The steamship Tánaïs carried the Jews of Crete to their tragic death when it was sunk in the morning hours of 9 June 1944.
The ship was built in 1907 in Sunderland, North East England, and launched in the same year under the name “Hollywood.” It was 74.5 metres long, 11.5 metres wide and 5.5m high. In 1935, it changed ownership and flew a Greek flag. Its new owners named it Tánaïs, the ancient Greek name of Russia’s Don River.
With the outbreak of the Greek-Italian War in 1940, the Tánaïs was requisitioned by the Greek state and used for the transport of troops and supplies, including to Souda Bay near Hania. It was there that it sank after German bombardments at the beginning of the Battle of Crete. It was later salvaged by the German Occupation Forces and again used as a transport ship.
In the evening of 8 June 1944 the Tánaïs departed from Heraklion harbour heading for Priraeus with the Jewish captives on board, along with Greek Christians, who had been arrested in reprisal for the kidnapping of German General Kreipe, and Italian prisoners of war, in a convoy with three other ships. The Tánaïs was not marked as a prisoner transport.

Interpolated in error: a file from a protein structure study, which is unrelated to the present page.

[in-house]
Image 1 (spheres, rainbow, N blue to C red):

In the early morning of 9 June, the British submarine Vivid sighted the Tánaïs. At 3:14 am, two torpedoes launched by the Vivid hit the ship, which sank about 60 km northeast of Heraklion, taking with it all prisoners on board.
Source: public domain, google maps
Photo 2: © Archives of the National Maritime Museum in London
Source: public domain
Photo 4: © The Jewish Museum of Greece